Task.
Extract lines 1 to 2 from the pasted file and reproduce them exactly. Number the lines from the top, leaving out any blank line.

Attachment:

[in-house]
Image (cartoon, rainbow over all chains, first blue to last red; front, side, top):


[in-house]
Image (cartoon, rainbow over all chains, first blue to last red; front, side, top):